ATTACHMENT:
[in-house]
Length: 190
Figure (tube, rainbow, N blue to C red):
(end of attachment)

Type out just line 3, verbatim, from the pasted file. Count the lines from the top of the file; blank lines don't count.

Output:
Figure (tube, rainbow, N blue to C red):